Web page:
Chapter 6. Frequently Asked Questions

6.1. General

  1. Why the name “CRUX”?

    Sorry, there's no interesting story behind the name. I chose it simply because I thought it sounded cool, it was short, it was failry easy to remember and it had the mandatory X in the end to make it UNIX/Linux-ish ;)

  2. When will the next version be released?

    Well, the standard answer to this question is “when it's done”. New versions are however usually released every 3 or 4 months. Between releases, updated packages are made available through the ports system.

  3. Is it called CRUX Linux or CRUX GNU/Linux?

    None of the above. It's called CRUX, no more no less.

  4. I heard CRUX was based on Slackware, is that true?

    No, that's incorrect. CRUX was built from scratch and has never been based on any other Linux distribution.

6.2. Installation

  1. Will CRUX work with AMD K6/K6-II/K6-III?

    Yes and No. AMD K6, K6-II and K6-III have an i586 (Pentium) compatible instruction set. Packages on the official CRUX ISO are compiled with -march=i686, which means that CRUX requires a processor which has an i686 compatible instruction set (i.e. Intel PPro/Celeron/PII/PIII/P4 or AMD K7/Athlon). However, Jürgen Daubert maintains an i586 version of the CRUX ISO image which can be found here. The i586 version of the CRUX ISO works on AMD K6/K6-II/K6-III.

  2. When booting from the CRUX CD-ROM I get a kernel panic saying “VFS: Unable to mount root fs”. What's wrong?

    This can happen if you have more than one CD-ROM drive. Make sure you boot from then "first" CD-ROM drive, i.e. /dev/cdroms/cdrom0. If you must boot from a different drive (i.e. not the first one) you can still do that but you have to type CRUX root=/dev/cdroms/cdrom1 at the boot prompt (cdrom1 indicates that it is the second drive, cdrom2 that it is the third, and so on).

  3. When booting CRUX for the first time I get the error “Unable to open initial console”. What's wrong?

    You most likely forgot to enable devfs or didn't tell the kernel to mount devfs at boot. The installation instructions (Section 2.2, “Installing From CD-ROM”) tell you how to enable it.

  4. When logging in to my newly installed CRUX for the first time it asks for a password, but the installation guide says “Login as root (no password required)”. What's wrong?

    You most likely forgot to edit /mnt/etc/fstab before you rebooted or you entered the wrong name of your new root parition at the boot prompt.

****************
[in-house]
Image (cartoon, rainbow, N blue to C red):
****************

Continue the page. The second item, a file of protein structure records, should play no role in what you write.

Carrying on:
6.3. Configuration

  1. Why are changes made to files under /dev lost the next time I boot into CRUX?

    CRUX uses devfs, which is a virtual filsystem kept in RAM. Changes made to files under /dev are always lost when you turn off the power. However, you can configure devfsd(8) to restore them when you boot. You need to modify /etc/devfsd.conf according to your needs. See the devfsd(8) man-page for details. Example:

    # /etc/devfsd.conf: devfsd(8) configuration
    REGISTER        .*              MKOLDCOMPAT
    UNREGISTER      .*              RMOLDCOMPAT
    LOOKUP          .*              MODLOAD
    REGISTER        ^sound/.*       PERMISSIONS root.users 660
    REGISTER        ^v4l/.*         PERMISSIONS root.users 660
    # End of file
  2. How do I get sshd running?

    You have to edit /etc/hosts.deny and/or /ets/hosts.allow to specify which hosts are allowed/denied access. To allow anyone to connect to your machine you can add sshd: ALL to /etc/hosts.allow. See the hosts_access(5) man-page for further information about the file format. When this is done you can start sshd by entering the command /etc/rc.d/sshd start and/or edit /etc/rc.conf and add sshd to the SERVICES array, i.e. SERVICES=(... sshd ...), which means that sshd will be started when the system boots.

  3. Mozilla crashes or refuses to start, what's wrong?

    Mozilla is extremely sensitive to missing fonts.cache-1 files. If mozilla refuses to start (due to segmentation violation or just silent permature termination) it is most likely becuase the font cache files are missing. Run fc-cache (as root) to create/update the cache files. See the fc-cache(1) man page for information about this program.

  4. It says “ports: no driver(s) installed” when I try to update my ports, what's wrong?

    You forgot to install the opt/cvsup package. You will find it on the CRUX ISO (under /crux/opt/).